Flash: Rite of Atonement

Show Notes

Reading and music by W. Ralph Walters


Rite of Atonement

by Melinda Selmys


She would not be able to fly, of course, but he had run the simulations carefully, had seized his achievement in the animated projections of the contact-lens computer screen that nestled against his natural eye. She would be chased to the cliff’s edge just like all the others, but when she arrived she would not tumble graceless to the stones. She would spread wide those gossamer-green constructs of his genius and for a few precious moments that wind would fill them and she would glide until the weight of her body broke the fragile bones of the living apparatus that held her aloft. Then she would fall like a wounded bird, like Icarus as he plunged, spinning, downwards from the sun. In a tangle of broken wings, she would carry all of the terrors and tortures that he had perpetrated against her down to be drowned in the depths of the sea.

Review: John Carpenter’s Halloween


Nothing makes us happier than seeing how far we can get from the campfire before we get scared. Horror cinema has been around almost as long as cinema itself and whether it’s Nosferatu walking jauntily through Bremen, Ellen Ripley discovering exactly how little she matters to her employers, or Laurie Strode running from the blank, featureless evil of Michael Myers, it’s given us some of the most enduring images of film history.

Which is where we come in. Pseudopod’s new film review section will be looking at the best new movies, the acknowledged classics, and the cult films we know you need in your life. Japanese survival horrors, very English armageddons, and masked killers bent on revenge — we’ve caught and caged the lot for your listening pleasure.

So join us, on this first episode, as we look at the slasher movie patient zero, the film that has spawned countless sequels and arguably a subgenre all of its own: John Carpenter’s Halloween.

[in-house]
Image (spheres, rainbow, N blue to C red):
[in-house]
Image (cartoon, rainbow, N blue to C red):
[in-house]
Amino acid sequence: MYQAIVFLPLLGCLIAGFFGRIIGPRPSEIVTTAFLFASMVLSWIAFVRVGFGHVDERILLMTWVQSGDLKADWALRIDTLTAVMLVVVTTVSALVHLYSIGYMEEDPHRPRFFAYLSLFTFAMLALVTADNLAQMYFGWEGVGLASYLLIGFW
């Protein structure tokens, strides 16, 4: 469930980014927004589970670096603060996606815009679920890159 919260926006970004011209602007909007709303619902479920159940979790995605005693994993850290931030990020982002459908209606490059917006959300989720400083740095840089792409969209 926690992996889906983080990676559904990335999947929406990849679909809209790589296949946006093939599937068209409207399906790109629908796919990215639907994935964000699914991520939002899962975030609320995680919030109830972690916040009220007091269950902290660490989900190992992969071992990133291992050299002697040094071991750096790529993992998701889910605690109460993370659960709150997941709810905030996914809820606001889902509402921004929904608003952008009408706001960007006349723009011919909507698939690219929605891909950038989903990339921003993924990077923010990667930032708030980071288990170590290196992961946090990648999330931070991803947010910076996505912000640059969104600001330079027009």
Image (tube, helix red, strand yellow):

PseudoPod 061: The Keeper

Show Notes

Happy Halloween, everyone!


The Keeper

by Ken Goldman


An intermittent brightness from above allowed Shelby a study of her captor’s lumpish face that seemed more pockmarked with each new illumination. Standing near, the man stank like raw sewage. He polished off what remained of a sandwich, licking brown grease from stubby fingers that somehow remained filthy.

Shelby struggled against the knots at her wrists and those inside her stomach. Attempting some semblance of composure she breathed deeply, filling her lungs. It didn’t help much. A rotted smell imprinted itself inside her nostrils. Near her, shelves housed a grotesque assortment of stinking pumpkin heads, maybe a dozen of them reduced to disintegrated lumps surrounding the room, one-time jack-o’lanterns whose carved smiles had long since decomposed.

Fighting the urge to gag Shelby focused outside where the black ink of the Atlantic heaved in the darkness. Distant lights of the Jersey shore towns glimmered like painted stars, but nearby no lights shone. Rotating from a pedestal above, a huge beacon scoured the circular room. Its single ray flittered upon the ocean’s whitecaps and exposed a beach that turned to marshland, impossible to traverse. A small boat had been dragged away from the surf, its tracks upbeach indented in the sand near a small shed. The bastard had removed the outboard, probably locked it inside that shack. He had tendered her to this middle-of-nowhere light house, as isolated as it was remote, dragged her to its lantern room to fuck her and then kill her.

Or maybe he would kill her first, and then . . .

Shit . . . oh shit . . . breathe . . .

Flash: Hunan Fare

Show Notes

Musical production by Toby Chappell — now available for your podcast soundtracking needs. Ask him while he’s feeling generous.


Hunan Fare

by John Hayes

 


Each night I have the same dream. I am sitting on a white donkey and a noose fashioned from strong Asian hemp is tightened around my throat by six laughing women. The smile fades from the tallest woman and she leaps onto a hickory tree and scampers along a stout limb. Carla’s sister tosses the rope to the tall woman who knots it about the limb. I lean forward and shield the donkey’s eyes. A cowgirl removes a derringer lodged between her breasts. She places the weapon against the donkey’s head and shoots. The donkey falls and my body swings in the thin night air of the third moon of the fifth planet from Being, the blazing star.